Any given personal care product makes many stops on its way to the consumer; from the laboratory, to the retail setting, etc. But the journey does not end once a product is purchased and used—trace amounts go on to enter waterways. While these initial ingredients may have proven safe, a new study suggests their partly decomposed by-products are an unknown.
Small amounts of personal care and pharmaceutical ingredients in the body are transferred to sewage treatment plants, streams, rivers, lakes and the ocean through wastewater, according to a recent study published in Environmental Toxicology and Chemistry.
Specifically, Rutgers scientists tested the bacteria in sludge from a sewage treatment plant for the ability to break down two personal care ingredients and two pharmaceutical products: oxybenzone; a sunscreen ingredient; methylparaben, a preservative; naproxen, an anti-inflammatory drug; and guaifenesin, an expectorant. Results showed that while the bacteria broke down methylparaben, oxybenzone and both pharmaceutical products were only partially broken-down. The resulting materials create new contaminants in waterways, according to the researchers.
"Our findings can help us assess other widely used pharmaceutical and personal care products with similar chemical structures. By predicting or assessing the chemicals that might form during the breakdown process, we can identify and quantify them in the environment," said Lily Young, co-author, distinguished professor in Rutger's Department of Environmental Sciences.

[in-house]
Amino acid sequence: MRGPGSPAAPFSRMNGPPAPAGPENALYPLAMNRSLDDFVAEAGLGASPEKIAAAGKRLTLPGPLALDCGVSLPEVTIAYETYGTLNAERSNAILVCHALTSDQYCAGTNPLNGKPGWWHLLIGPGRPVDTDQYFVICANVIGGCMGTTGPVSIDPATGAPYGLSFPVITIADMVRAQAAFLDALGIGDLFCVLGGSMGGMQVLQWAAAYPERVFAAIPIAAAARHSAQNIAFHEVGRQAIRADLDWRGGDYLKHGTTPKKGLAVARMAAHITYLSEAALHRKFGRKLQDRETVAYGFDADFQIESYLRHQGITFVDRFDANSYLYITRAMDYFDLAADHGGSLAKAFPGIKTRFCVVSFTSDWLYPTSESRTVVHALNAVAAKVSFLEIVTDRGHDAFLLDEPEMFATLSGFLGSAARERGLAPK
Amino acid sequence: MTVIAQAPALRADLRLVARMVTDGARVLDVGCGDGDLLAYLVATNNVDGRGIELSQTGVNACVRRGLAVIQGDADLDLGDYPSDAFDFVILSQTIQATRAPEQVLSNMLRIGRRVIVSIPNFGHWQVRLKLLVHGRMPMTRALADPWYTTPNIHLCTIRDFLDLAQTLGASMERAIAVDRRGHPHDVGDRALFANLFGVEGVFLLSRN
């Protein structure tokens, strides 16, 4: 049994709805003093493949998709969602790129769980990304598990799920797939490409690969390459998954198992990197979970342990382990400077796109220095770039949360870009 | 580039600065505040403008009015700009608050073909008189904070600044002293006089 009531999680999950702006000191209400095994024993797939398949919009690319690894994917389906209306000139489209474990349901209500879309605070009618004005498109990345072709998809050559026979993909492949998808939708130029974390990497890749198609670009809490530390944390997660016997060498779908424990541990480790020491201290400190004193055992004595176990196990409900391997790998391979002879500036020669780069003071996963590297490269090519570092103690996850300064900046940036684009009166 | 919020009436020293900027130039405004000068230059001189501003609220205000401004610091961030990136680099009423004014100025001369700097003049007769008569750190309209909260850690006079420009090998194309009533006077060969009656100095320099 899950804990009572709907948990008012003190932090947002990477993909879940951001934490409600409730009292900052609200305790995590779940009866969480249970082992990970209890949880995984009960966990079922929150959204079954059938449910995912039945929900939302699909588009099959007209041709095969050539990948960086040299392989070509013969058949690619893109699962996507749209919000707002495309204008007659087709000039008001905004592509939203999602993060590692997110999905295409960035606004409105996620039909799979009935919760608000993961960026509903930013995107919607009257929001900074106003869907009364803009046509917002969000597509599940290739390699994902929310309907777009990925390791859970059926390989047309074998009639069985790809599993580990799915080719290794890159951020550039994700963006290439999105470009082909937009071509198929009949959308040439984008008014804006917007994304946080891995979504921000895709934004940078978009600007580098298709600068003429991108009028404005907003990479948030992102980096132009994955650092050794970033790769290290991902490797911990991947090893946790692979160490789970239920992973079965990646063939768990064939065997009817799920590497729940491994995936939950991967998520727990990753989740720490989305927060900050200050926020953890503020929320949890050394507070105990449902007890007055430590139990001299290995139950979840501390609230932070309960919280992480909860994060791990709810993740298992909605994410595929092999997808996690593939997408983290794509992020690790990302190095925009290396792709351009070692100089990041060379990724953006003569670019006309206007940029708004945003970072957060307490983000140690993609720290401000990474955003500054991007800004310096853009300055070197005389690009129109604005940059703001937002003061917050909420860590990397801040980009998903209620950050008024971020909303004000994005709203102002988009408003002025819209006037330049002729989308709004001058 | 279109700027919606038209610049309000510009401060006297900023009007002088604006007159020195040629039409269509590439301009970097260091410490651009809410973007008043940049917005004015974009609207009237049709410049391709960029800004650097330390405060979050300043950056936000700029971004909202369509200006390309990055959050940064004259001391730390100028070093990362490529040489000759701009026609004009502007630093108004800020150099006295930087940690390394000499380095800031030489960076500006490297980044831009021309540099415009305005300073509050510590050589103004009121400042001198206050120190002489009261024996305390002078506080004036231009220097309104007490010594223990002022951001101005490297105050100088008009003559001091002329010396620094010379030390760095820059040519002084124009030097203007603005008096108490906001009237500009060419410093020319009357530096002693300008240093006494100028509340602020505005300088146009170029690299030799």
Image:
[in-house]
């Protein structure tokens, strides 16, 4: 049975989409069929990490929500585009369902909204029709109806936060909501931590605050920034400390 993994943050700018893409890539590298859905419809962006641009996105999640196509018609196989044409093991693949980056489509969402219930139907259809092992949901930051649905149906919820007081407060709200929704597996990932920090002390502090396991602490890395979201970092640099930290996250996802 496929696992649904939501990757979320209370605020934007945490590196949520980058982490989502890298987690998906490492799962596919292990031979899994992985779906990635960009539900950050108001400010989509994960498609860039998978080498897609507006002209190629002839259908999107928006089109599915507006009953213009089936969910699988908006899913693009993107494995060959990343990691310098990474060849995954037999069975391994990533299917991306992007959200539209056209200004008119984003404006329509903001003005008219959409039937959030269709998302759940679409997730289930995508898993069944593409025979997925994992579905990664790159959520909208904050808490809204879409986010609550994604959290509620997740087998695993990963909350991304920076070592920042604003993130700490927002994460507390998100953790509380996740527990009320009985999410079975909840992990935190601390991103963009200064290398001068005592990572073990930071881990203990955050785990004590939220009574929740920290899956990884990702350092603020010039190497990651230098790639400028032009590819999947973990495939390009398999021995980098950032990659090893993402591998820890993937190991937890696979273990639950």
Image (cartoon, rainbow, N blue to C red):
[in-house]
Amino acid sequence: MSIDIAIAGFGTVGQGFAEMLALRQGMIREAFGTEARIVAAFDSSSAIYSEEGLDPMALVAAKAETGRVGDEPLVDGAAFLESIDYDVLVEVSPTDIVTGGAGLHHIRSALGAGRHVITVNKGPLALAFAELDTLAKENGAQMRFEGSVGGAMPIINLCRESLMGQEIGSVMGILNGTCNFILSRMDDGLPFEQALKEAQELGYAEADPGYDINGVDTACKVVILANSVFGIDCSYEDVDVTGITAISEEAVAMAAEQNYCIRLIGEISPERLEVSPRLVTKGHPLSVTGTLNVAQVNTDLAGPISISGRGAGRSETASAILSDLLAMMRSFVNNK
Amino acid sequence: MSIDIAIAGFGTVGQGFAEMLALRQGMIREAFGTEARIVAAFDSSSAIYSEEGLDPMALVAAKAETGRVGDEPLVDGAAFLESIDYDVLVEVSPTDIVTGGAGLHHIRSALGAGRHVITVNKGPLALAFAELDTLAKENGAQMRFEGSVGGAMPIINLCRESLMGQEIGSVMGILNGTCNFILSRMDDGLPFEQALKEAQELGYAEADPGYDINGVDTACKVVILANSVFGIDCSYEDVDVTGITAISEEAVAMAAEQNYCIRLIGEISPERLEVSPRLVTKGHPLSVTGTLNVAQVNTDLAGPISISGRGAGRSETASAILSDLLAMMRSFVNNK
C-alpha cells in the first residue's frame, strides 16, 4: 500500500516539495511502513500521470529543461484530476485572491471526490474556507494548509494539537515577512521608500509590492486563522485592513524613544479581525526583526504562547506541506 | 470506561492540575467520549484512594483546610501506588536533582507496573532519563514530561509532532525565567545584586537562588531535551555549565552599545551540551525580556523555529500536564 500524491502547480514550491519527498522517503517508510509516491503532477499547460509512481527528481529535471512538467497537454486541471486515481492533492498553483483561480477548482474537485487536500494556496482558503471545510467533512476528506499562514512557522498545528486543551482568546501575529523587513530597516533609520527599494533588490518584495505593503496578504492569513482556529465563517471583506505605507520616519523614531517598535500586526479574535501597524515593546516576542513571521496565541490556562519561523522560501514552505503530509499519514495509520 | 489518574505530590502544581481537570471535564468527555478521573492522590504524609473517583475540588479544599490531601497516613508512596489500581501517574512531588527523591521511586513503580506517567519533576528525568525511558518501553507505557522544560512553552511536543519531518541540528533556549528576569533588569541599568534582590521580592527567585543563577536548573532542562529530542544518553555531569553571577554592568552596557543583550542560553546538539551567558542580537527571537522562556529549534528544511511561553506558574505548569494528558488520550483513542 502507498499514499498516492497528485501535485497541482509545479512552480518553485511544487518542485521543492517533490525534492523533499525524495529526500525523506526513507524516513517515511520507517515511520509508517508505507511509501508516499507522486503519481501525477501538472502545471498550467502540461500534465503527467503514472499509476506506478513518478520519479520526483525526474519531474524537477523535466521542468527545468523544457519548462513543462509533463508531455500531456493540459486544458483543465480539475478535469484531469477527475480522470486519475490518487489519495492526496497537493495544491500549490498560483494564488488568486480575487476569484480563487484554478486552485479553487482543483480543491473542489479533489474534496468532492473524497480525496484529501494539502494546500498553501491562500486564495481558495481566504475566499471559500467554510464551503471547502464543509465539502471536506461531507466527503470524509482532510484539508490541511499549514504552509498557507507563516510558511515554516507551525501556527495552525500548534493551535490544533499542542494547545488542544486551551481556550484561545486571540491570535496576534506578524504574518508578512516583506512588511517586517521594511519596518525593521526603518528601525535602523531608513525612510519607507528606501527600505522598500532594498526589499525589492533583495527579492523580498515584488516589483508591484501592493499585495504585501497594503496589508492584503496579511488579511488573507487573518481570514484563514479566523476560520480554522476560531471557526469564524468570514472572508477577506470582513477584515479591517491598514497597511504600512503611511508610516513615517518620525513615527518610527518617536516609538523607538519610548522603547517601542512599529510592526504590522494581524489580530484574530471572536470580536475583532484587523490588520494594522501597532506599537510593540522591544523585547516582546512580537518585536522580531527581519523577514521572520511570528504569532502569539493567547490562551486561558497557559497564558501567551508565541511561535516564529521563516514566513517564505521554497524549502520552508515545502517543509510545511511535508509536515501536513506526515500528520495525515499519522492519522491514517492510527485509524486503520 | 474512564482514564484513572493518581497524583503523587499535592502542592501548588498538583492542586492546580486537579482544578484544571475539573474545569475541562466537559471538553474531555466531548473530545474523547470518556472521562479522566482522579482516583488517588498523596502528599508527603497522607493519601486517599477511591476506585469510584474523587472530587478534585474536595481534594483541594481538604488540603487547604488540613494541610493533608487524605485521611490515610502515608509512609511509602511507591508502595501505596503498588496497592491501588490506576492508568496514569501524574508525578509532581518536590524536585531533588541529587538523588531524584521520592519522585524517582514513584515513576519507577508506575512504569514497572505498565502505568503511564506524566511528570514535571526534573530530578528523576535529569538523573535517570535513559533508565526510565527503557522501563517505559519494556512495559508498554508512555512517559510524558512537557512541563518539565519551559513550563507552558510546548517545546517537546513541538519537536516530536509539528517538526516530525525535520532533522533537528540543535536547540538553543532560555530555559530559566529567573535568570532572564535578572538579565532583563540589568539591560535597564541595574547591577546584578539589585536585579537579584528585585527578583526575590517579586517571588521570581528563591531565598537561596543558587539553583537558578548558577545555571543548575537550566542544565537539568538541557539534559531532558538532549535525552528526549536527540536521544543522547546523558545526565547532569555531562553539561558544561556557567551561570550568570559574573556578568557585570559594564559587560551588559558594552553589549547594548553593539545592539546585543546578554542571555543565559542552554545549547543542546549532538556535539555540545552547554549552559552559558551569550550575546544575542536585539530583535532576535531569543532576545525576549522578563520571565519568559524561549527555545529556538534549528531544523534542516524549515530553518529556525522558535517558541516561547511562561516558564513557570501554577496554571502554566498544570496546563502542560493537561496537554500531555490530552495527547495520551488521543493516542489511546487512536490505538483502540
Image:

Contaminants such as those studied have been increasingly detected at low levels in surface water, and may have an impact on health, according to the U.S. Environmental Protection Agency. Future research on the topic will evaluate long-term persistence of the transformed chemicals from various environmental locations.
These findings of contaminants in waterways bring to mind research that has sparked debate and led two U.S. legislative bodies to ban the sunscreen ingredients oxybenzone and octinoxate from areas near coral reefs; in that context, the materials were said to enter and damage coral reef ecosystems after swimmers wore them in nearby water.
While the details vary in ingredients and products, the end result may be the same. Will the cosmetic industry see regulatory action in response to the claims that personal care ingredients may affect waterways? Follow Cosmetics & Toiletries as we watch for larger implications of these findings.
Read the study at www.news.rutgers.edu.